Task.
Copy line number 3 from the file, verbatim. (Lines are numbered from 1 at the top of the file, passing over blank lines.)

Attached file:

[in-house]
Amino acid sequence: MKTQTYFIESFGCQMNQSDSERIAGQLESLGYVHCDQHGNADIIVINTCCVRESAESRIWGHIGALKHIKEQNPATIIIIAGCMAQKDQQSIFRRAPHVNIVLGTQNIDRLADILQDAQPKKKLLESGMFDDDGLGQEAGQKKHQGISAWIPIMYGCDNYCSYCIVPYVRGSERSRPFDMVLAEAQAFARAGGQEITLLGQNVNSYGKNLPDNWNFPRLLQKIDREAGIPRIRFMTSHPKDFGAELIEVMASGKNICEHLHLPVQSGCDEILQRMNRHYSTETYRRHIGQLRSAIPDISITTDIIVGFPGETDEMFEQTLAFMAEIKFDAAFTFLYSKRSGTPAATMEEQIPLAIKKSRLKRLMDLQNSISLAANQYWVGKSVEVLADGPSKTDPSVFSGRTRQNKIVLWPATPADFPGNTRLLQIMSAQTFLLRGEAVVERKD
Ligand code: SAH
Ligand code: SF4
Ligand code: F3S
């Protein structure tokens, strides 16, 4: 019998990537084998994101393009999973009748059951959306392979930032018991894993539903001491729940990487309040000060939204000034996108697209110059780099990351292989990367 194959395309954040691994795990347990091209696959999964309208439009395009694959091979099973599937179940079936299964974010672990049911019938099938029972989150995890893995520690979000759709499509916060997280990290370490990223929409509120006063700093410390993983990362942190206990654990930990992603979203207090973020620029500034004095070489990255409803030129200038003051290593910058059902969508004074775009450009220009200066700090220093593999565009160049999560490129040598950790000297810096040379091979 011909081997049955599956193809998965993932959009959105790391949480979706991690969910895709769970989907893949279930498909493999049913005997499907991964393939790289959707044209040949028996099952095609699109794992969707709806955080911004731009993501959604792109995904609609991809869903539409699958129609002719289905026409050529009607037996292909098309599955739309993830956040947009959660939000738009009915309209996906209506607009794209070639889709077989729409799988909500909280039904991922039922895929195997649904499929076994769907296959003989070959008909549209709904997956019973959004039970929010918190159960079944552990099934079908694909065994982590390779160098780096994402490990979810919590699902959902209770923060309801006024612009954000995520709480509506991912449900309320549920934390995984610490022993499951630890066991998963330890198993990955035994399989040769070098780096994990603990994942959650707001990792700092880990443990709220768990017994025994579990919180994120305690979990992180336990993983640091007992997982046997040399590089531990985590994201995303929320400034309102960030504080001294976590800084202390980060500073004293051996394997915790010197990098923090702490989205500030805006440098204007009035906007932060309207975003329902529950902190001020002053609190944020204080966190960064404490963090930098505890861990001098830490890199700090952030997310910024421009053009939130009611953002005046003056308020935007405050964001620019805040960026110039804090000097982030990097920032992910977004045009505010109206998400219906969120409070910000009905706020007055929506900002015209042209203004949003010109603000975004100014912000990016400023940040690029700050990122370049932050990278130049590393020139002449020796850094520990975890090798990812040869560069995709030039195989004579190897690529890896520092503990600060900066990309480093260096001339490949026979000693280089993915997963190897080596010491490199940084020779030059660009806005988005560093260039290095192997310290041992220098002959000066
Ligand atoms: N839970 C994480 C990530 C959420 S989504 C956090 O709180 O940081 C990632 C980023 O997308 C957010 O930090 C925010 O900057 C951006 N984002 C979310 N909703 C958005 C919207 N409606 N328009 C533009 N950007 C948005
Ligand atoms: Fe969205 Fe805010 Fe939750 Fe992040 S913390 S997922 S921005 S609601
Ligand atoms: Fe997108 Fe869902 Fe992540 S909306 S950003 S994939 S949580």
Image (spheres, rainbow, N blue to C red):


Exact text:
Ligand code: SAH